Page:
Thursday, May 19, 2016

Abstract Cardboard Masks

Ella, 2nd grade

Raya, kindergarten

 Charlize, 2nd grade

 Kiran, 1st grade
(This shape reminds me of Keith Haring's dogs - Love it!)

 Harper, kindergarten

 Kate, kindergarten

 Thalia, 3rd grade

Katherine, kindergarten
(My kinder girls were very adamant about wanting their masks to be "cute")
Love the blond locks

Mira, 3rd grade

Scott, 5th grade

It's been six years since I have done an abstract cardboard mask project inspired by artist, Kimmy Cantrell shown here. Recently I saw some Fantastic masks over at Handmakery. They inspired me to give it another go with my Unique Materials Art Fun classes. I loved the way they layered facial features on separated pieces of scrap cardboard, so I had the kids create their masks in a similar way. The bases were created on squares cut from large cardboard boxes. (I've earned my black belt as a dumpster diving ninja) ;) We looked at examples of Cantrell's clay work before creating a unique face shape. These were divided into sections with permanent marker and painted with acrylics or shaded with pastels. 

I then handed out thin pieces of cardboard from boxes of cereal, oatmeal, soda ect... It prompted a funny discussion about grits. (My husband is from the south, but none of these west coast kids had ever heard of them.) I encouraged the kids to make their features, bold and unique. They added color with oil pastels and cut them out. They played around with their arrangement before gluing these down.

Kimmy Cantrell uses unique hardware accents in many of his masks. So I provided a variety of fun embellishments to use in their masks. Key earrings were all the rage. (My mom works at a hardware store in case you were wondering) Miss Mary used a glue gun for these heavy pieces.

This was a lot of fun for my wide age range groups. Everyone felt successful and it was a great way to teach the children that they could create art from a variety of recycled materials.

  Recycled food and beverage boxes for facial features - easy for the kids to cut out

Sunday, May 15, 2016

Moonlit Fireflies

Last summer my students created these beautiful firefly collages. I was thrilled to be asked by Arts and Activities magazine to write an article for the lesson. It will be in next month's June issue.

Here's the link:

Friday, May 13, 2016

Chameleon Experiments

This was a fun one! After creating their chameleons and adding elements for a tropical habitat on watercolor paper, my students had the opportunity to play with three different media techniques to create their colorful chameleon compositions. (points for alliteration?)

Chalk pastel on wet paper
Oil pastel blended with baby oil using cotton swabs
Salt and Watercolor

Students had their choice of using any combinations of these techniques throughout their artwork. I look forward to trying this again with another subject matter. It offers a great sense of play.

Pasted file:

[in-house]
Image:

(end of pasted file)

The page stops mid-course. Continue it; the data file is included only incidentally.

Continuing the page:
Saturday, May 7, 2016

Thank You Mom!

 Mary and Janice - 1967 
(Got to love a 60's shift dress)

In honor of Mother's Day, I would like to thank my Mom for all the efforts she put forth to foster creativity, learning, and expression. She has always cheered me on and celebrated any of my successes, no matter how trivial.

 My Mom saw early on that art and creative play made me happy. She did her best to encourage and foster this passion through art and painting classes as well as coming up with her own creative ideas. One day, she brought out a box of items and odds and ends she had bought at a thrift store. She encouraged me to put together an assemblage piece. I don't think she was even aware of Louise Nevelson or Robert Rauschenberg, but just thought it would be fun to explore a new 3D format.

I was a horrid sleeper as a toddler. My Mom tried everything! One night in exasperation, she gave me a stack of books, left the light on and went to bed. (worked like a charm) I Love children's books to this day. Here are some favorites from childhood that I treasure. I enjoy incorporating children's book illustrations in many of my art lessons. 

Every summer my family went for a week's vacation to Oceanside, Ca. Obviously, most of my time was spent in the surf and sand. But during the down times, my Mom kept me busy and entertained by packing this suitcase with a stash of loot: markers, typing paper, stickers and even items from the office supply store like receipts and adhesive letters. It was a thrill to open it each summer and play with creative ideas. Collage art projects are a favorite of mine to this day.

She is a Wonderful Grandma as well! My kids know just how special she is and lucky they are to have Her as their Grandma.

Thank you Mom for all that you have done for me and the continued support you and Dad give me!

Love you Momba!

Thursday, May 5, 2016

Mother's Day Teacups

For Mother's Day I wanted to do a teacup themed collage with my Draw, Paint Collage classes. I started browsing on Pinterest and found myself pinning a number of wonderful teacup themed artworks. I may just need to start a whole board dedicated to the subject. Who knew?

We started our layered works by creating a textured background with crinkled tissue paper and Mod Podge. Once dry, chalk pastel was used to add another layer of color. The children chose a piece of scrapbook paper for their table top. I found a very helpful tutorial to create the stacked teacups here at Color It Like You Mean It. For a bit of extra whimsy they topped their towering teacup stack with a bird. (Because I subscribe to Portlandia's "Put a bird on it." mantra) And last, they added some special notes to mom with scrapbook paper tags tied to their handles with twine. I had to get in on the fun and made one for my mom too.